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Milton Friedman is quoted to have said that "if the federal government were put in charge of the Sahara Desert, in five years there would be a shortage of sand." The father of 'right to free enterprise' movement was probably resorting to hyperbole for dramatic effect. But if the lessons of big government failures from the past century are any guide, there is cause for cautious celebration that Friedman's thought experiment has never been put to test.

While even former communist nations have learned the bitter lesson of unnecessary intervention in functioning markets, self-belief of babus back home is still in no short supply. Just yesterday, DC office Islamabad's attempt to 'fix' prices of essential kitchen items were showcased in this space to emphasize the harm well-meaning people in positions of power can cause once they overstep their mandate.

But the capital territory's district administration is not alone in its desire to tamper with the markets. Daily newspapers from last week carried words from various federal cabinet members desirous to bring the price of essentials down. Finally culminating in the Prime Minister, himself summoning the djinn of provincial price committees to reign in food inflation gone wild.

What's wrong with trying to control price of food commodities at a time when all economic classes are feeling the pinch of austerity, one might ask? Mainly that in their bid to ease economic pain, babus will probably end up doing more harm than good, never mind the noblest intentions.

Should the profiteers and hoarders go unpunished then? The answer, surprisingly, is yes. Hoarders earning abnormal profits are not proof of market failures as is popularly imagined, but rather evidence of absence of freely functioning markets.

The most outlandish price movements generally observed with food are that of perishable commodities, and latest example of which has been the price of teary-eyed vegetable, onion. While by and large public acknowledges that price increases caused by poor seasonal poor crop yield are tolerable, hue and cry is raised because the ultimate beneficiary of shortage is often not the grower but the middlemen or trader.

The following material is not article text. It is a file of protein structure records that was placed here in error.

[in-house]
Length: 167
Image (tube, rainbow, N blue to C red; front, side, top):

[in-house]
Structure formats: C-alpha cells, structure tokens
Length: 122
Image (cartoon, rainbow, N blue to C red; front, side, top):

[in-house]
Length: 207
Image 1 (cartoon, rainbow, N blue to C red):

While it is unfair to assume that the middlemen add no value, let us leave the discussion of aiding in price discovery mechanism to another day. But it is still valid to ask what ground realities allow the middlemen to pocket the largest share of profits?

The answers are endless. First, absence of storage facilities for perishable commodities such as vegetables mean that grower is held captive to his buyer's offered price out of fear of crop going to waste, irrespective of glut or shortage. That is not a market failure, but an absence of functioning market of storage facilities.

Second, the absence of functioning marketplace of middlemen/traders itself. Even model market committees ran by district managements are dominated by traders/wholesalers with assigned geographical and/or commodity quotas - virtual kings of their fiefdoms. Consider that until recently the role of arthi in Punjab was considered hereditary, following the adage of arthi ka beta arthi. Yet it is easily forgotten that kingdoms are the most bare and raw embodiment of monopolies, and markets blamed for profiteering instead.

The government's job is in fact to ensure that markets functioning freely. Yet, worse still is the control exercised of price of commodities at only one stage of inputs, whereas the remainder of the supply chain is left deregulated. Time and again governments have tasted the bitter medicine of fixing price of raw material in the cases of wheat and sugarcane, only to result in alternate seasons of bumper crop and shortage.

When governments control price at only one stage of value chain, they in fact enter the business of choosing winners and losers in private enterprise. Consider the desire to fix retail prices of pulses for example. This would be equivalent to market committees deciding the rate of returns retailers are entitled on the commodity. Why would any economic agent engage in retail of pulses when he is allowed to only charge a fixed return, while wholesalers and growers are free to charge their own prices? Is it entirely unfathomable that retailers would simply stop stocking the commodity in question, sending perverse economic signals throughout the value chain - possibly leaving the already exploited even more worse off?

Of all the perverse memories of purana Pakistan, sarkar's fetish for price controls probably stinks the most. A U-turn on this one, would not hurt.